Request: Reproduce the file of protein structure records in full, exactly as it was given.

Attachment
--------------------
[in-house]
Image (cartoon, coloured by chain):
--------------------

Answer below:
[in-house]
Image (cartoon, coloured by chain):